This speaker was a visiting speaker who delivered a talk or talks on the date(s) shown at the links below. This speaker is not otherwise associated with Lawrence Berkeley National Laboratory, unless specifically identified as a Berkeley Lab staff member.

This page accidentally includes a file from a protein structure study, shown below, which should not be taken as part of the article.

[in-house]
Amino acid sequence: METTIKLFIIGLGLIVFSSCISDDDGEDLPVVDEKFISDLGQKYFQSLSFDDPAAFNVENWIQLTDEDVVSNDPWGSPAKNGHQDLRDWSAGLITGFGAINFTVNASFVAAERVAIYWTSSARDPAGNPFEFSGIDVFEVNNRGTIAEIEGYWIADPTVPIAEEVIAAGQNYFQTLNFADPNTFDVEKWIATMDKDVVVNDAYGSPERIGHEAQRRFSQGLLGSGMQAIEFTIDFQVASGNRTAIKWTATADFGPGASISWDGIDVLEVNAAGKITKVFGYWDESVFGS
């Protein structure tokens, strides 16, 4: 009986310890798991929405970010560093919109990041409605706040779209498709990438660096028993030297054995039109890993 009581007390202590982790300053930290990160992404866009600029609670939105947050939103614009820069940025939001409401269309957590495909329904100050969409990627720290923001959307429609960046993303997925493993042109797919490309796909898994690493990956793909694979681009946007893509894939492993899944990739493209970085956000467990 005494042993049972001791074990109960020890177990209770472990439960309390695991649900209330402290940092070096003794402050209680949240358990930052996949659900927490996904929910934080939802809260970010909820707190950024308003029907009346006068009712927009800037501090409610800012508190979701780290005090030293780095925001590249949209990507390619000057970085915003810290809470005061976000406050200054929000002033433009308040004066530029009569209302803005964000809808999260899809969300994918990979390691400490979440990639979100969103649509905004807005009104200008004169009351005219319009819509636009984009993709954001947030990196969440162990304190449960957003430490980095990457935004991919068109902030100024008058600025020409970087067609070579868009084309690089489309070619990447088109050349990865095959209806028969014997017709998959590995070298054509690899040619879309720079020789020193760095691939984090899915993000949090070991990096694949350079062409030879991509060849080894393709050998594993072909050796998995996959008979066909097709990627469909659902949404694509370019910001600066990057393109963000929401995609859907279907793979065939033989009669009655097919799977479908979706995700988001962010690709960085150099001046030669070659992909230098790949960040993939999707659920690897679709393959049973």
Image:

Dr. Robert J. Budnitz has been involved with nuclear-reactor safety and radioactive-waste safety for many years. He is on the scientific staff at the University of California's Lawrence Berkeley National Laboratory, where he works on nuclear power safety and security and radioactive-waste management. From 2002 to 2007 he was at UC’s Lawrence Livermore National Laboratory, during which period he worked on a two-year special assignment (late 2002 to late 2004) in Washington to assist the Director of DOE's Office of Civilian Radioactive Waste Management to develop a new Science & Technology Program. Prior to joining LLNL in 2002, he ran a one-person consulting practice in Berkeley CA for over two decades. In 1978-1980, he was a senior officer on the staff of the U.S. Nuclear Regulatory Commission, serving as Deputy Director and then Director of the NRC Office of Nuclear Regulatory Research. In this two-year period, Dr. Budnitz was responsible for formulating and guiding the large NRC research program, that constituted over $200 million/year at that time. His responsibilities included assuring that all major areas of reactor-safety research, waste-management research, and fuel-cycle-safety research necessary to serve the mission of NRC were adequately supported. From 1967-1978, he was on the staff of the Lawrence Berkeley National Laboratory, serving in 1975-1978 as Associate Director of LBL and Head of LBNL's Energy & Environment Division. During this period, the programs under his direction were in a large mix of diverse areas relevant to DOE, including energy-efficiency, deep-geologic radioactive waste disposal, solar energy, geothermal energy, fusion energy, transportation technology, chemical-engineering for alternate fuels, environmental instrumentation, air-pollution phenomena, and energy policy analysis. He earned a Ph.D. in experimental physics from Harvard in 1968.